“A lot of people know and carry in their hearts indelible sadness and terror so this is something else,” he reflected. “I am here to actually help people balance between grief and joy. When a dear person disappears, you should not stop living. Life is made of opposites. I know that very well because I balance on the wire so there are tears and grief on one side but there is joy and remembrance of life on the other. This film is all about that.”
On how the walk impacted him personally, he replied, “My life changed because suddenly, I was known all over the world. I would never enjoy fame but I see it as a tool. Fame opens doors to, like, money. I have money or I have no money. I can live on both sides of that spectrum but money is a tool and fame is a tool. You say, I have a meeting with the president of something. Before that, ‘Who are you, Philippe Petit? I never heard of you.’
“So my life changed in an almost professional sense but spiritually speaking, did I change? No, I am still this advocate of the impossible. I am still an impetuous, rebellious, tenacious craftsman who loves to build projects and ideas. I will continue with my life.”
So what are the next projects he’s plotting to do? “I was asked that question right after my walk. People thought, wrongly so—he’s one of those guys who’s going to become rich and famous and there is nothing else for him after he walked on the highest towers in the world.
“But for the craftsman, the poet that I am, the man of theater on the wire, there was a whole world offered to me. I discovered a beautiful cathedral in New York called St. John the Divine. The cathedral was unfinished. Two towers were missing so I helped them (raise funds). I did a walk 16 stories high on the unfinished façade of the cathedral.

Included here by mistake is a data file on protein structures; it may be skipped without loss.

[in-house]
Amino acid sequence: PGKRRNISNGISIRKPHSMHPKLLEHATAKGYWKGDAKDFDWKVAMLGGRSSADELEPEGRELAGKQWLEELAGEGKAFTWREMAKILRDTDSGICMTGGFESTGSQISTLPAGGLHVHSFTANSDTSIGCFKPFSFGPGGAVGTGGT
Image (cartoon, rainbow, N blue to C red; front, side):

“The bishop and the dean vested me with the artist-in-residence title. So these days, I am a modern Quasimodo who doesn’t have any hump but I live and work there (in the cathedral). I did many walks for them and I continue to walk around the world and to have projects. One is in Easter Island with the beautiful statues—the Moai. I would like to do a show with the Rapa Nui people.
“The phone rings and sometimes I have to say no because I am not artistically interested. But I continue to be a professional wire walker and street juggler—I do not do it regularly. I grab my hat and bag and I zigzag, mostly in the parks in New York. I will continue all that until my body refuses to listen to me, which probably won’t ever happen.”
READ FIRST PART HERE:
(E-mail the columnist at email@example.com. Follow him at http://twitter.com/nepalesruben.)